WyRED celebrates 20 yearsWritten by UW College of Agriculture and Natural Resources
Rancher Kelly Guild, sitting on the tailgate of his pickup, was getting ready to answer the question why he was so willing to open up Guild Ranch rangelands near Fort Bridger to youths attending the weeklong Wyoming Resource Education Days (WyRED).
Barbed wire, old posts and other items many would expect to find in the back of a ranch pickup lie in the bed behind him.
The 30-or-so youths and adults last week were trodding, prodding and poking plant life and soil on the gentle slope up from the dirt road.
“First of all, it’s dealing with youth,” he said, his young dog content and nearby. “Anytime, it doesn’t matter if it’s dealing with WyRED or whatever, I think it’s very important to educate our young people. And second, I think we need to get the best minds we can back into agriculture. If they’re willing to participate in it, I’m sure willing to help them any way I can.”
This was the 20th year of the program and the second time at the Uinta County Youth Camp, where the program was held in its 15th year. The annual program changes location each year.
Youths and adults had climbed into a Lyman Public School bus during morning cool at the high-elevation camp 20 miles or so south of Mountain View to start a day of tours, plant identification and soil profiling.
Guild met them at the igloo-shaped, charcoal kilns by the side of the road that runs through the ranch. Built in 1867, the kilns – only three of the original 40 remain – provided charcoal to the iron smelters in Utah. He regaled the group with family stories of the kilns and of a bead purse, an appreciation gift from Chief Washakie that remains in the family.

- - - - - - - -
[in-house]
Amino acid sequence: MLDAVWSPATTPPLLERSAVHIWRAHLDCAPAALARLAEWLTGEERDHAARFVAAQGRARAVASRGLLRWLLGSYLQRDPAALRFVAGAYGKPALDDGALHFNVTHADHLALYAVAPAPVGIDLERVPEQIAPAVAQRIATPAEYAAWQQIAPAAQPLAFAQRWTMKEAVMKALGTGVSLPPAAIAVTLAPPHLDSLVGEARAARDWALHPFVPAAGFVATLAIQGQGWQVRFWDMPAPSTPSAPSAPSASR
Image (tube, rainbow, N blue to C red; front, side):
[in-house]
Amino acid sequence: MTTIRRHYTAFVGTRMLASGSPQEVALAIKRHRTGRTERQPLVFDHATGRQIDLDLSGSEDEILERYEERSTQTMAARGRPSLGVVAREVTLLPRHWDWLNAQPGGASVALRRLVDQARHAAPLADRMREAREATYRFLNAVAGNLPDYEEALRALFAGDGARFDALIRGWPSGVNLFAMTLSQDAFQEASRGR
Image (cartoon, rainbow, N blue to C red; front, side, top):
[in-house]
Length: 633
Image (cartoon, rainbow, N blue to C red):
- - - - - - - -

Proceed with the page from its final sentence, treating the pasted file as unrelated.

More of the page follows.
Making a connection
Connecting youths to landscapes is important, said Windy Kelley, president of the Wyoming section of the Society of Range Management (SRM), and one of the reasons the organization continues the WyRED program. The society this year co-sponsored the program with the Uinta County Conservation District.
Youths learn relationships between soils and vegetation whether they want to become a wildlife manager, a rancher, farmer or veterinarian, said Kelley, also a University of Wyoming Extension educator. Even if they don’t want to work in natural or animal sciences, the knowledge gives them a good understanding of taking care of the land.
Coming to Uinta County
WyRED drew youths from as far away as Powell and Sundance.
Taitlyn Bethea will be a senior this fall at Sundance High School. She wants to pursue a career in rangeland management, botany or horticulture.
“I thought this would be a good opportunity to expand my knowledge on rangeland plants in Wyoming,” said Bethea, joined by fellow students Bailey Middleton, Haley Merchant and Megan Olson from Sundance. “Not only that but I hoped to meet people from around the state who have the same interest as me.”
Teachers could receive continuing education credits, and elementary and high school teachers mingled with youths while instructors from resource agencies taught plant identification and anatomy, soils, wildlife and resource management and water/hydrology.
Students huddled at separate stations spread over the rangeland at the beginning of the week at the camp, examined plants and dug holes and looked at soil profiles. That afternoon of instruction ended with a plant anatomy and identification test, the students walking from red flag to red flag stuck by specimens.
Jim Hickey, a fifth grade teacher at Mountain View Elementary, and his wife Julie, who teaches first grade, were among the students. They participated in all the events the youths did and listened to a panel of speakers brought to the camp one evening.
What panel members said impressed Jim Hickey.
“It helped these students understand all the opportunities there are in agriculture,” he said. “They may never have the opportunity to own a farm or ranch, but if they have an interest in agriculture, there are many more opportunities for them.”
While there is little leeway in school curriculum, he may be able to work what he learned during the week into classes, such as in science.
“At fifth grade, they start looking at careers and what to do,” he said. “I’ll have a better knowledge of the opportunities available to them and direct them.”
This article is courtesy of the University of Wyoming College of Agriculture and Natural Resources.